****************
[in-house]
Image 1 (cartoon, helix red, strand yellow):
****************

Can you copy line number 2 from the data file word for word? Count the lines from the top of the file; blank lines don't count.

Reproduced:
Image 1 (cartoon, helix red, strand yellow):